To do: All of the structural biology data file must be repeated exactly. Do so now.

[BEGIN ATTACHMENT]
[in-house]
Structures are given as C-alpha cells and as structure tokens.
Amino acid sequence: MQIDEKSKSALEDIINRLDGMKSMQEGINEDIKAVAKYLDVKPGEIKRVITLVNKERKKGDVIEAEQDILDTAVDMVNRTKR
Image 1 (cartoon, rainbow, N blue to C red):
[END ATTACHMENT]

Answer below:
[in-house]
Structures are given as C-alpha cells and as structure tokens.
Amino acid sequence: MQIDEKSKSALEDIINRLDGMKSMQEGINEDIKAVAKYLDVKPGEIKRVITLVNKERKKGDVIEAEQDILDTAVDMVNRTKR
Image 1 (cartoon, rainbow, N blue to C red):